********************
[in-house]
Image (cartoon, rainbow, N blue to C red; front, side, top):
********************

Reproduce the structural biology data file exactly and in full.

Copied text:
[in-house]
Image (cartoon, rainbow, N blue to C red; front, side, top):